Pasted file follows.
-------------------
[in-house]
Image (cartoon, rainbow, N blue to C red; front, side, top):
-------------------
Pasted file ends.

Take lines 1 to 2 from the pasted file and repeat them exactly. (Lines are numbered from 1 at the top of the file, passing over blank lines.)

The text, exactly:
[in-house]
Image (cartoon, rainbow, N blue to C red; front, side, top):